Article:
HONG KONG (Reuters) - YouTube blocked the account of Hong Kong’s sole leadership candidate John Lee on Wednesday as part of U.S. sanctions against the city’s former No. 2 official who said the move will not affect his bid to lead the financial hub for the next five years.
Alphabet Inc, which owns YouTube, said on Wednesday it had taken down Lee’s campaign account to comply with U.S. sanction laws as Hong Kong’s former No. 2 official prepares for a leadership election on May 8.
Separately, Facebook owner Meta Platforms said that while Lee can keep “demonetized presences” on Facebook and Instagram, it had taken steps to prevent use of payments services. Lee’s Facebook page was still visible on Wednesday.
Lee, a former deputy commissioner of police and security secretary, was sanctioned along with other Hong Kong and Chinese officials for what Washington described as their role in curbing city’s freedoms under a sweeping national security law Beijing imposed on the city in 2020.
Authorities in Hong Kong and China say the legislation was necessary to restore stability following widespread anti-government protests in 2019.
“Those so-called sanctions on me are unreasonable, are bullying, are intentionally pressuring, trying to force me to be hesitant. But as I’ve repeatedly stressed, this unreasonable behaviour will only make me convinced that I’m doing the right thing,” Lee said at a media briefing.
“With regards to some (social) media (platforms) which I will have no access to, I feel disappointed but this will not affect my election effort.”
Lee is seeking to replace Chief Executive Carrie Lam who will step down on June 30 after governing the city through a period of unprecedented anti-government protests and COVID-19.
Google told Reuters in an emailed statement: “Google complies with applicable U.S. sanctions laws and enforces related policies under its terms of service. After review and consistent with these policies, we terminated the Johnlee2022 YouTube channel.”
Lee is backed by the central government in Beijing and is expected to announce his policy platform later this month, media reports said.
Lee has picked nearly 150 heavyweights, including the city’s richest man, Li Ka-shing, and other powerful businessmen and politicians, to join his advisory team in a bid to show broad support for his candidacy.
Among Lee’s 58-member campaign advisory team are the city’s biggest property tycoons, including CK Asset’s Li Ka-shing, Henderson Land Development’s Lee Shau Kee, Sun Hung Kai Properties’ Raymond Kwok and New World Development’s Henry Cheng.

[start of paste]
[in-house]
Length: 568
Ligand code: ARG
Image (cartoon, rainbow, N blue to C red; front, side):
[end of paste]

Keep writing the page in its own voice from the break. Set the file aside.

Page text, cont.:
Other advisers include former World Health Organization director-general Margaret Chan, chairman of electricity company CLP Holdings Michael Kadoorie and casino magnate Lui Che-woo.
Apart from the advisory team that serves an honorary role, there is also a 90-member presidium that Lee is consulting to draft his platform.
The presidium includes former Hong Kong chief secretary and a standing committee member of China’s top advisory body the Chinese People’s Political Consultative Conference, Henry Tang, business magnate Allan Zeman, former director of Public Prosecutions Grenville Cross, former chief executive of Hong Kong Exchanges and Clearing (HKEX) Charles Li, as well as movie star Jackie Chan.
Lee has secured 786 nominations from the 1,500 members of the election committee in charge of selecting Hong Kong’s new leader, higher than the 188 nominations required to run.
A former career police officer, Lee is widely expected to prioritise security issues if he gets the top job, having previously urged new legislation to fully implement a sweeping national security law Beijing imposed on the city in 2020.
Lee said he will be the conductor to “a new symphony” early this month when he announced his candidacy. He said loyalty to China’s central government was a priority for any chief executive and part of his platform will include accelerating plans to resolve a chronic housing shortage.
Since Hong Kong returned from British to Chinese rule in 1997, there have been four chief executives, all of whom have struggled to balance the democratic aspirations of some residents with the vision of China’s Communist leaders.
All of the city’s leaders have been backed by Beijing and chosen by an “election committee” stacked with Beijing loyalists.
Reporting by Josh Ye and Clare Jim; Editing by Anne Marie Roantree and Vinay Dwivedi
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